I’ve mostly attended southern churches. I can’t speak of northern preachers nor can I compare the two. I have a feeling that there are some differences in the speaking styles. I have been to churches where the pastor or guest speaker should not have been using a microphone. Since he/she insists on shouting the entire sermon, no one is going to have trouble hearing. You know what I am talking about.
Tip 5: Personality and style shouldn’t be everything but you should enjoy the sound of what you are hearing as well as the content and the spirit. A pastor should be a skilled speaker even more than many other public speakers. Bad speaking habits can be tolerated up to a point. They shouldn’t interfere with the message. If you don’t enjoy being asked for an Amen every few seconds perhaps it isn’t the right place for you. If the most used word is “um”, if he has to say the same thing 5 times, if you are required to repeat everything he says and if most of the time he/she is weeping, well you decide.
I wasn’t around when Jesus preached. I dare say He was fascinating to listen to. I know he was not supposed to be anything special to look at. People were willing to sit all day on rocks and sand with little food and in the hot sun. We are not accustomed to that. We live in a time where churches are nice climate controlled buildings and you are out in time for lunch. In my visits to various churches I’ve encountered as many styles. You have to pick the one that suits you.
A word about serving in the church. My wife and I have almost always been and usher, deacon, board member, class or youth group leader, and the list goes on. We’ve always become “members” once we knew we were in the right place. If within just a few visits you are asked to fill a position, the church may have high turnover and be in the “needy” category. There is nothing wrong with serving or being asked to serve but everyone who walks in the door shouldn’t be looked at as fresh stock.
A word about membership. This might really ruffle you. My family has always joined and become members of where we attended. Some had elections for the pastor and board members and you could not vote if you weren’t a member. I’m rethinking my position about joining a church. When I became a true Christian, when I say true I mean not just a label I place on myself (that’ll have to wait for another post) I believe I joined “the church”. I’m not sure that I need to “become a member” of a local church. I don’t remember reading anything in the Bible about taking membership classes. I’m not sure that it’s biblical to say “I am of (fill-in the name of the church or pastor)”.
A word about giving. Our tithes and offering went to that church. Churches need your money to pay salaries, keep the lights and air on, help the poor, maintain the building, etc. If you attend somewhere and don’t give financially, it’s like eating at a restaurant and not paying for your meal. Since leaving my precious church, I have only been a visitor at many different ones. Even though I’m not a member, I always give a tithe and offering as though I was. I do believe that God blesses giving even though you may not see an immediate return. By giving where ever you happen to be that day, you at least pay for what you are receiving. I don’t mean a buck or a token offering. I mean whatever a tithe is if you were attending regularly.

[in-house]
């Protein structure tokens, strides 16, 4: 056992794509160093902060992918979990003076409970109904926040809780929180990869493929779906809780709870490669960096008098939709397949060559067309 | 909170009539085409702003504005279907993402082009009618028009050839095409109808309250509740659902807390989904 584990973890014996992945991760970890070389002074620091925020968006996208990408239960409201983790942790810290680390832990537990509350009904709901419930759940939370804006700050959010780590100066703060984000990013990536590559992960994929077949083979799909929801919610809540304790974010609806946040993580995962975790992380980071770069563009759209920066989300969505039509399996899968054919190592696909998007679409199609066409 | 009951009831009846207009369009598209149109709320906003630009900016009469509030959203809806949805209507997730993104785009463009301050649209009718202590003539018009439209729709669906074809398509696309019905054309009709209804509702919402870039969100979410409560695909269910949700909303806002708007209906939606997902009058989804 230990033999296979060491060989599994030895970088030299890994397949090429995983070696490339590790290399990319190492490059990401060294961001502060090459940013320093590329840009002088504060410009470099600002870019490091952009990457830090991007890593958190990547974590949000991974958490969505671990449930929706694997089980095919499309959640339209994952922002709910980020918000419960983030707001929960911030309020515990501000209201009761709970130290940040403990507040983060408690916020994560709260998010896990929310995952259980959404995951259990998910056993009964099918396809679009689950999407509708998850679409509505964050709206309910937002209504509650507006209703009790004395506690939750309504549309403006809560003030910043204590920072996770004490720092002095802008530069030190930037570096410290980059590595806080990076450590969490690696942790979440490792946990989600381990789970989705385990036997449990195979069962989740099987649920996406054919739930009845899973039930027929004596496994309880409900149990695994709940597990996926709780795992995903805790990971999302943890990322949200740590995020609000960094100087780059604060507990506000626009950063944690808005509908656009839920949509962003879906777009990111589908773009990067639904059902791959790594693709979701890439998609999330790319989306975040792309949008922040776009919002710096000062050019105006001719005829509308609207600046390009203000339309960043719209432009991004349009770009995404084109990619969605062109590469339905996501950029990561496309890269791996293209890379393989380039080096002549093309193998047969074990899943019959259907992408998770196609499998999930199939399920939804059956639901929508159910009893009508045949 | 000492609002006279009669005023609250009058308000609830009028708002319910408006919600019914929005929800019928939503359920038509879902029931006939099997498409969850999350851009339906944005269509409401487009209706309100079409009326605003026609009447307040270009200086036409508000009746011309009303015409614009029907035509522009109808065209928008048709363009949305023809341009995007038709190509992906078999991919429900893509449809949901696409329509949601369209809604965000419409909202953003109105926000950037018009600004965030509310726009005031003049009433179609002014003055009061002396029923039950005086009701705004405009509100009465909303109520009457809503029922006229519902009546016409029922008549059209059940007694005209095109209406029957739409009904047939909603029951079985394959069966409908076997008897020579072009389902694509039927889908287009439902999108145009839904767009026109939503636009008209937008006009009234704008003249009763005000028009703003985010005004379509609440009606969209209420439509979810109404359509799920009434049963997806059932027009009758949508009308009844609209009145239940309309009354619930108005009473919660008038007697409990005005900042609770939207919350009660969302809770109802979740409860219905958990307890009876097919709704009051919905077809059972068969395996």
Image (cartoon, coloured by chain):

I’ve been to churches that were on a fairly rigid schedule due to having several services in a row. A pastor can’t afford to digress and meander down different roads if there’s another crowd waiting for the same sermon. I’ve been to others that will preach for a long time and never make their point.
Tip 5: You should look forward to the message and the music. If either one feels wrong then you have not found the right church.
Tip 6: Just because it’s a church doesn’t make it all okay. I’ve been to churches where I could barely wait until the service was over. I’ve sat, frustrated and confused, wondering what the point of the sermon was and what was going on with the worship. Don’t settle.
Currently I am attending a church where the worship team sounds professional and I look forward to and understand the message of the sermon. I am greeted by more people than I can count, when I get there and when I leave. I’m not saying it’s perfect because there is no such thing. You may have to visit several churches multiple times to find the one that is right for you. It’s not just a matter of agreeing with the doctrine. If you don’t look forward to the entire service you need to keep looking. If you don’t look forward to the next week then you probably are at the wrong place. It may be right for the person next to you but not for you. Everyone, every worship leader, preacher and everyone who attends, can have an off day but it shouldn’t be routine.
I’m no expert on churches or Christianity, just a person with an opinion and this blog as a forum. I like to hear what others think as well. So feel free to comment. Maybe it will help someone.